• Twitter

  • RSS Glorious List of Band Names

    • An error has occurred; the feed is probably down. Try again later.


The last manned moon landing was Apollo 17 – December 7, 1972. It’s the only landing that has taken place in my lifetime.

I just learned (via the ol’ Wikipedia) that the Soviets never put a crew on the moon. I’d always thought that they had.


It’ll be interesting to see how and when it happens again.

Brooklyn Bridge

Brooklyn Bridge

Originally uploaded by Powellizer

We spent last weekend in New York City. It was awesome. That town radiates with energy and it seems to only get more intense during the holidays.

My photo set is here.

Michelle’s is here.

A few videos we took will be here, but only for a few weeks.

Colorization Using Optimization

Colorization Using Optimization

Pretty awesome technique.  Hope this becomes commercially available at some point.  Amazing effectiveness at restoring/manipulating color in photos.

Do they all have to be “billion dollar” ideas?

I read 7 Steps to Land and Leverage an Angel Investor and find myself wondering why a lot of startups focus on creating the next billion-dollar idea. It goes back to motivation and intent.  I don’t believe that Da Vinci set out to create the most famous painting of all time when he crafted the famous Mona Lisa painting.  I think he set out to paint a commissioned portrait, intended to decorate the walls of his client’s home in celebration of the birth of their second son (source).

He was a craftsman.  He did his best on every job – regardless of its “importance” or potential for mucho dinero.

I’ve heard a couple of stories about the start of YouTube and that the founders really just wanted to create a site to share videos with friends easily – way before realizing that it would become a “billion dollar” idea.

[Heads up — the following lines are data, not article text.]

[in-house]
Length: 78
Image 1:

So the question is – do you start with “how do we make a billion dollars?” or do you start with “what’s a cool service that doesn’t exist today – or could be made better?”?

Articles like these sound like a non-billion-dollar-idea is sub-par. I don’t buy into that at all.

Loose ties.

As covered by Mark Granovetter back in 1973, “weak ties” are one important key to success.

I met my wife through mutual friends; good friends – but not our closest friends.

I got my current job from the friend of a business partner’s son.

Those ARE the bridges that often produce breakthroughs.  That’s why LinkedIn et al. are important.  It’s not just MY Rolodex that’s important – it’s yours.  It’s us as friends sharing who we know when the need arises.  That IS community.

I don’t know everyone that you know.  I never did.  But now the tools are becoming available for us to share who we know.

And that is very, very powerful.

I love LAMP

Snorg Tees sells a shirt that looks like this:

I thought that “I ❤ Lamp” meant that the wearer was a geek and was indicating their love for LAMP (Linux, Apache, MySQL, PHP/PERL/PYTHON).

Tuns out it’s a quote from The Anchorman.

I gotta get out more.


How is zerbert (or zrbtt) NOT in the dictionary?

Ub Iwerks

Ub Iwerks was the co-creator of Mickey Mouse. He was the cartoonist and Disney was the producer/director.

I’ve always thought that Disney was the chief animator.  He was a suit!  An uber-creative suit – but he was the business side of things.

An “Ah-Ha” Moment

Friday Flickr Foto #28

Originally uploaded by Powellizer.

I had the pleasure of attending my first coffee cupping today. The cupping was hosted by Counter Culture Coffee at their brand new traning/education loft at Atlanta’s King Plow Art Center.

A BIG thanks to David and Chris of CCC. They guided the process with eloquence and passion. It was informative, memorable and a bit surprising (ask me about the suspenseful "twist" at the conclusion).

This photo is of their new Clover 1s. This machine is generating a lot of "buzz" in the coffee industry. It is designed to allow a barista to micro-brew coffee a cup at a time. This allows for the preperation of different types of coffee to different customers rather than having big pots of just a few (or two) varieties. So a shop could offer a customer a cup of coffee VERY specific to his/her tastes (region-specific, roast-specific, etc.). With luck, it’ll help elevate the level of coffee served way beyond the typical "regular or decaf" options. With it, you can have a cup of Costa Rican Terrazu and then follow up with a cup of the Sumatra Aceh French Roast.

Favoring GTD over CYA

I’ve spent a decade or so in corporate America.  I’ve found that I’m happiest in organizations that value GTD (Getting Things Done) over CYA (Covering Your Ass).

The difference in these two cultures is staggering.  Responsibility means different things depending on the culture.

I prefer a true team effort.